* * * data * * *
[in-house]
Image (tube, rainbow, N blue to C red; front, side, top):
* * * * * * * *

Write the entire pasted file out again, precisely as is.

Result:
[in-house]
Image (tube, rainbow, N blue to C red; front, side, top):